Unleash Talent Don’t Manage It

November 9, 2009 by

Recently I was speaking with Steve Laymon, Associate Dean of the Graham School of General Studies at the University of Chicago about Talent Management. Steve said, “you can’t manage talent, you can only unleash it.” I wholeheartedly agree with Steve. And that got me thinking about what happens when you put the word management after anything. With management comes programs, and when any process or method becomes programmatic, it takes on the characteristics of the bureaucracy it is seeking to change. This certainly applies to Change Management.
The hidden meaning in words talent management or change management, is you can get the outcomes you want if you push the right levers. If you follow the prescription, you will get the cure. This is a false promise. Anyone who has ever tried to change anything knows that change is messy. Change management’s promise is, order, control, and predictable results. If only it were that easy.

Raising The Health Care Barn

June 24, 2009 by

Last week I listened to Fresh Air on NPR and heard an interesting story about the efficiency of our health care system. The story talked about the most expensive county in the US and one of the cheapest. (No need to name names but you can listen to the podcast if you like or read the article from The New Yorker.)  Interestingly, the key difference between the two was collaboration. In the collaboration case, costs were half as much and patients were healthier. Doctors from different specialties worked together towards the best outcomes for the patient.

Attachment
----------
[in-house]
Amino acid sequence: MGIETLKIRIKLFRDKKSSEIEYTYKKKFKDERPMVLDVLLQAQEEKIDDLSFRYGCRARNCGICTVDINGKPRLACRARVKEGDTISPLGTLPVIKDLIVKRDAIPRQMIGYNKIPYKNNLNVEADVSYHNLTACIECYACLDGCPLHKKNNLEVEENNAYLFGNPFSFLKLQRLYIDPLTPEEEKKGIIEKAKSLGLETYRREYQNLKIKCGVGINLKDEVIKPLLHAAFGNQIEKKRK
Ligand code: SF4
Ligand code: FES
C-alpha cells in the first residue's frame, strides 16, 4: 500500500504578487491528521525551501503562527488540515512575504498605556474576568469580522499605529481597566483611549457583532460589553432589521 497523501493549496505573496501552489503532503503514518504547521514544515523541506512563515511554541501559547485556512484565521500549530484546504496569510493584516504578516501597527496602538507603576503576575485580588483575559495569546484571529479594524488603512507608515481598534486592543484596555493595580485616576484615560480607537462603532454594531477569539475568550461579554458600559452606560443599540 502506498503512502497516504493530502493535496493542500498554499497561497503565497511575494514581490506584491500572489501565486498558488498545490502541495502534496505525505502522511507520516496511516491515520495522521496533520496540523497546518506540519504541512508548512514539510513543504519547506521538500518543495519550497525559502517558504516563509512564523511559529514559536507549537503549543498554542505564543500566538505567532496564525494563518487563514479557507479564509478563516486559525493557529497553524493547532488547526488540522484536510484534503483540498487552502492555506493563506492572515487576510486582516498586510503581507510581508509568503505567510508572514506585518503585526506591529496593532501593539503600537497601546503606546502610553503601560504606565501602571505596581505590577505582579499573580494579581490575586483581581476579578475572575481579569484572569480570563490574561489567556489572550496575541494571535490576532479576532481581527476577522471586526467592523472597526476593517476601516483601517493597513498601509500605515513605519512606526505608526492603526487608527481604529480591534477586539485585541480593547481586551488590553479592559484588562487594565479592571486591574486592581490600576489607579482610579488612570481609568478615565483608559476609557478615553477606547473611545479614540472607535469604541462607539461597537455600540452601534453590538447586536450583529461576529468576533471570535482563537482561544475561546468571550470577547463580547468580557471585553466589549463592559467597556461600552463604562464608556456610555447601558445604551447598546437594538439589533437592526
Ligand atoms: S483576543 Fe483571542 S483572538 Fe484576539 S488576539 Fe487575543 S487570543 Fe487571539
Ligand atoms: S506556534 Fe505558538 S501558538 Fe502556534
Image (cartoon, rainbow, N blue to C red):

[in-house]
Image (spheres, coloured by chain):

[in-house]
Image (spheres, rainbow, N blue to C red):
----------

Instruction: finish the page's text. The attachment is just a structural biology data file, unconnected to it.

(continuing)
This reduced unnecessary testing, made doctors feel supported in their decision making process and therefore reduced their fear of malpractice lawsuits. The more expensive county showed a culture of greed and self-protection despite some of the best malpractice limits in the country.
We have seen this play out time after time in our work. In Calgary we used our organizational barn raising process to bring together doctors, nurses, patients, and families to identify how to reduce wait times between seeing primary care physicians and specialists. The result, dramatic reductions in wait times, up to 40% depending on the specialty. We also used the same process to provide better access to services for people needing addiction services. As a result of these “barn raisings” organizations began working together towards reduced redundancy in the system and ultimately were able to help people live healthier happier lives.

As the President said yesterday in his news conference, regulatory reform is needed, AND we also need more efficiency in the system.

A wise woman said it best, “If you think an IT system will solve the problem you don’t understand your problem”. If you really want to get the best from IT then engage all stakeholders in designing and building the barn together.


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